Cellist Taide Prieto from Peru won the second prize, an award of $250 and the opportunity to play a solo at the gala. During the competition, she played the allegretto movement of Shostakovich's Concerto in E Flat Major, Op. 108, but she selected Bach's Suite No. 3 in C Major BWV1013, Allamande, Sarabande and Gigue.
The future of classical musicians is looking bright, if Conservatory Music in the Mountains is any example. Chloe Trevor, who grew up coming to the conservatory, is now a member of the Music in the Mountains Festival Orchestra.
Now, if we can only start getting a young audience excited about classical music.
- - -Enjoying funnel cakes at the La Plata County Fair for their birthdays are Debbe Speck, Natasha Galston, Sue Johnson, Esai Gomez, Jaylie Burns, Jeff Davis, Pat Wainwright, Lynda Berger, Haleigh Lyon, Dan Harms, Jim Callard, Evan Hening, Charon Wimp, Brad Stamets, Ernie Gregg, Tina Trotter, Susan Rambo, Sherri Gaugh, Cherie Hughes, Nicholas Betts, Ryan Zollinger, Sandy Hoel, Max Ponce, Jordon Helms and Cameron Barnhardt.
And to placate my colleague, Allison Hull, happy belated birthday greetings.
- - -Unfortunately, my schedule in the newsroom and the chamber music schedule at Music in the Mountains do not coincide. But I managed to make it two special concerts I'm so glad not to have missed.
On July 27, Guest Conductor Arthur Post, musical director of the San Juan Symphony, directed the Festival Chamber Orchestra in an evening of baroque delights wrapped around the music of Handel. It was the first time the festival was able to afford to put together a chamber orchestra, and I certainly hope it won't be the last. This concert was thanks to Katie Freiberger and her family in honor of the late Jack Freiberger, Katie's husband of 58 years. He loved Handel, and I guarantee he would have loved this performance.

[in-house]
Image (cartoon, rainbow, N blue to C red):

Marilyn Garst on her own harpsichord made music that Handel himself would have appreciated, and Post's wife, Gemma Coma-Alabert, brought her rich mezzo-soprano to the stage with three arias. (In Europe, Post is known as Coma-Alabert's husband, so it balances in the end.)I wasn't sure how the acoustics of the festival tent at Durango Mountain Resort would treat her voice, but she was as wonderful as I've ever heard her. After the concert, we talked about how she's used to singing baroque music in baroque settings in Europe, so this was definitely a change. That might be why the music from that period, in the late 17th and early 18th centuries, may not appeal to American audiences quite as much. We just don't have that splendor to surround the performance.
Jean Larson Garver, whose artistry on the flute shines year after year, had the chance to show just how good she is on Telemann's Suite in A minor for Flute and Orchestra.
And the entire orchestra's performance of Handel's Water Music made one want to frolic on a barge on the Thames River in England with all the nobles of the king's court.
Afterward, Freiberger threw a reception for the musicians and festival supporters at the Community Center at DMR. Cocina Linda put together a spread the hungry crowd demolished. On the menu were delights such as squash-blossom tamales, garlic shrimp and specialties from India, lots of goodies and almost all using locally grown products. Delish.
And Thursday, I was one of about 80 lucky guests to enjoy a performance by Vadim Gluzman and David Korevaar at The Glacier Club. To be in the front row, watching the details of both musicians' performances like fingering and bowing while hearing glorious pieces framed by our gorgeous San Juan Mountains, was indescribable. Mother Nature added her own bravos to the performance with a lightning show over the mountains, but no thunder disturbed the concert indoors.
So that's one of the two most amazing moments (of many moments) of the 2009 Music in the Mountains Festival for me, along with Philippe Quint's performance of Sibelius' Violin Concerto D minor (Op. 47) on July 19. That was so beautiful it brought tears to my eyes.
- - -Nothing says happy anniversary like a delightful summer evening stroll hand-in-hand for Robin and Natasha Galston, Bruce and Jane Carman, Chad and Erin Cook, Steve and Patti Dedrick, Len and June Hahl, Don and Bertie Brown, Ted and Nancy Carr, James and Anne Dickson, Curt and Angie Raulston, Shawn and Leslie Slater and Richard and Norene Smith.